Trust is an essential component of any longstanding relationship. This is axiomatic to the point of cliché. But if trust is a cornerstone in any given partnership, how much more so is this the case in a sexual relationship that incorporates elements of pain or danger? There is a reason why, in consensual BDSM encounters, it is the submissive who is in control. The parameters are clearly set out at the beginning of any encounter and they are not to be transgressed in any way. Any legitimate BDSM interaction will require a safe word that, when uttered, means all activity stops instantaneously.
Safety is paramount in these relationships because of the potential for real harm – not emotional harm (or, not only emotional), but also lasting, physical harm should one of the participants not know what they are doing or push things too far. When Paul, one half of the central couple in R.O. Kwon’s “Safeword,” strikes his bound and blindfolded partner, Jihyun, on the tailbone with a riding crop, she shouts their predetermined safe word – ”Red!” – which confuses him, as he doesn’t understand what he has done wrong. “What did I do?” he asks plaintively. “Don’t you know?” she replies. “It’s unsafe.”
To be fair, Paul legitimately doesn’t know what he’s done wrong. The second-generation American (“his parents had moved from Montreal, which counted”) is congenitally innocent of matters having to do with bondage and domination prior to his partner of three years telling him that she needs him to “hurt” her in the bedroom. Despite being unnerved by her request, Paul assumes he understands what underlies her impulses:
[I]t didn’t take a shrink to guess why she was so shy: what with the nuns, the Catholic boarding schools, the subsequent renunciation of the Catholic schools, the shame, the counteracting feminism, her quasi-Victorian and entirely Korean squeamishness with anything having anything to do with the body, and all this heaped for decade upon decade on top of the great hungry beast of sexual desire – well.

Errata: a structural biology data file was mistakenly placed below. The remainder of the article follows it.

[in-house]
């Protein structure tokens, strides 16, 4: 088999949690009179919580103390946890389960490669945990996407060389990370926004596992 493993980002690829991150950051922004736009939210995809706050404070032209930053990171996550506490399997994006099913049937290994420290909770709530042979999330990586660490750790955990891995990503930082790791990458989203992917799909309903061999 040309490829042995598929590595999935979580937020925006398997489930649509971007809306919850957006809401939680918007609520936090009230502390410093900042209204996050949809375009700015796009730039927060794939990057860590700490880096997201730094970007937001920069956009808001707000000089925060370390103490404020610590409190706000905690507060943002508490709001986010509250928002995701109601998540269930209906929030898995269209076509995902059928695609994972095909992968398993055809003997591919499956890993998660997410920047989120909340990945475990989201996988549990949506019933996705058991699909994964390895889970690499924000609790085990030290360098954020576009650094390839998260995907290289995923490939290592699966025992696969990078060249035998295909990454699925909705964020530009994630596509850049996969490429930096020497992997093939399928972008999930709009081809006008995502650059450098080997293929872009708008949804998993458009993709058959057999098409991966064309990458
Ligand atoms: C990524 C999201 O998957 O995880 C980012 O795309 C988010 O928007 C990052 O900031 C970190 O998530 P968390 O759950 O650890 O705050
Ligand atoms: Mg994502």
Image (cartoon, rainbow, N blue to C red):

Paul’s dime-store psychoanalysis notwithstanding, he cares enough for Jihyun to want to satisfy her physical urges even in the face of his own vanilla tastes and conservative Pentecostal background. Unfortunately, the extent of his knowledge about BDSM has been acquired from viewings of movies like Belle du Jour and Secretary and consulting books such as Screw the Roses, Send Me the Thorns. (Paul and Jihyun tried reading the Fifty Shades of Grey series together, but couldn’t get past the atrocious writing – a perfectly reasonable response.) After their failed at-home attempt, Paul’s naivete and lack of skill push the couple to seek out the services of Mistress Ava Adamson, a professional dominatrix.
Kwon, who wrote the well-received debut novel The Incendiaries and co-edited the collection Kink (with Garth Greenwell), makes a canny choice in telling her story from the close third person perspective of Paul. It is he who acts as a stand-in for the implied reader who may not be conversant, or indeed fully comfortable, with the practices and conventions surrounding BDSM or the psychology motivating those who indulge in it. Even Jihyun professes uncertainty as to the nature of her desires, telling Paul, “There’s something a little wrong with me.”
The function of Mistress Ava is to put the lie to Jihyun’s assertion of wrongness while also acting in a countervailing capacity to Paul’s lack of understanding. She adopts the role of stern dominant meting out verbal and physical punishment until Jihyun shows signs of real distress (as opposed to pleasure in pain), at which point she becomes solicitous and caring, ensuring Jihyun’s comfort and ongoing consent without ever breaking character. It’s a complicated tightrope to walk, and Paul is distressed when he notices, “infuriatingly enough,” his penis becoming erect while watching the two women interact.